Meanwhile, the first draft of a preliminary engineering study for the Woodridge site and Taylor Gully is complete and going through management review at Harris County Flood Control District (HCFCD).

Status of E&R Contract on Woodridge Village Site

As of mid-September 2022, Sprint Sand and Clay had removed 57,785 cubic yards of dirt from a planned detention basin on the Woodridge Village property in Montgomery County. Sprint is working under an E&R contract with HCFCD. The contract calls for them to remove up to 500,000 cubic yards at a minimum of 60,000 cubic yards per year or 5,000 per month.

Looking NE across new basin. Last month, it extended as far as the middle of the far pile of concrete pipes on the right.

So the company, which began work in February, has virtually met its first year minimum after eight months. However, the rate has slowed somewhat in recent weeks as housing starts have slowed due to a rise in interest rates. In the last four weeks for which totals are available (8/22/22 – 9/18/22), Sprint has removed only 3,045 cubic yards. To date, that brings the total excavated to 12% of the contract max.

Housing starts in the South have been especially hard hit. According to the Census Bureau, starts in August fell 13.5% compared to July and 15.4% compared to a year ago. That depresses demand for fill dirt and makes it harder for Sprint to find buyers for it.

Under the terms of its HCFCD E&R contract, Sprint gets only $1,000 for removing up to 500,000 cubic yards, but has the right to resell all the dirt at market rates. That’s how it makes its profit.

Woodridge Vs. Countywide Data

To see whether Woodridge was an anomaly or part of a trend countywide, I asked HCFCD to show readers the bigger picture. Alan Black, Deputy Director of Engineering and Construction supplied the data below. The chart shows the trend in all HCFCD E&R contracts countywide going back 10 years.

Source: HCFCD via FOIA Request

All data is open to interpretation. But I see three main “regions” in the chart above.

  • The first is pre-flood bond – before August 2018. With the exception of a few blips, excavation remained below 5,000 cubic yards per month. That’s roughly equal to the average being removed from Woodridge Village each month.
  • The second is a huge spike that occurred after flood-bond approval. it peaked at almost 35,000 cubic yards per month as HCFCD readied engineering studies on more than 180 projects countywide.
  • Third, HCFCD had a sharp falloff at the start of the pandemic in January 2020. After things stabilized, we see a gradual rebuilding. It coincides with a housing boom and is followed by another gradual drop-off. The latter coincides with rising interest rates and falling housing starts.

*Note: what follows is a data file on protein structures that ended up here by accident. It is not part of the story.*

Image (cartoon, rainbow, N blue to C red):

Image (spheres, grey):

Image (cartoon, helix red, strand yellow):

Regardless, the trend in the last few months does not bode well for those concerned about finishing the new Woodridge Stormwater Detention Basin quickly.

Looking W. The new Woodridge Village stormwater detention basin at the top of the frame could eventually fill most of the area between the road on the left and the ditch on the right.

Status of Preliminary Engineering Study on Taylor Gully

We should remember, however, that HCFCD always intended the Woodridge E&R contract as a head start on excavation while IDCUS finished its preliminary engineering study on Taylor Gully and Woodridge Village. The study began in mid-2021. IDCUS had 300 days to complete it.

IDCUS submitted the first draft of its results several months ago.

Amy Stone, HCFCD spokesperson

Since then, HCFCD staff has reviewed it and asked IDCUS to take a closer look at some areas, said Stone. At this point, the revised draft is working its way up to HCFCD top management for final review and comment. HCFCD has started preparing a presentation for all those affected in the area and exploring the best dates for a community input session.

Assuming HCFCD management doesn’t ask IDCUS for more revisions, we should know recommendations and next steps this fall. Following a public comment period, more changes may need to be made to engineering plans before design and construction start.

Folks who flooded in Elm Grove and North Kingwood Forest as well as others farther downstream in Mills Branch and Woodstream Village eagerly await the findings. More news when it becomes available.

Posted by Bob Rehak on 9/30/2022

1859 Days since Hurricane Harvey

Harris County Creates Trust To Fully Fund Flood Mitigation Projects Without Partner Assistance For At Least Next Six Years

On Tuesday, 6/29/21, Harris County commissioners voted unanimously to shift Harris County Toll Road Authority and other county funds into a trust designed to help bridge potential shortfalls in partnership funding. The amount would be $40 million per year. As a result, construction of Flood Bond Projects can continue without interruption or delay for at least the next six years. If more partnership funding materializes during that time, funds deposited in the trust could help cover non-bond projects farther into the future.

The issue of a potential shortfall in bond funding boiled into headlines back in March. Precinct One Commissioner Rodney Ellis demanded to know where the money would come from to finish construction projects in Halls and Brays Bayou Watersheds if partnership funds did not materialize as planned. He gave Budget Management and the Flood Control District three months to develop a plan for backstop funding.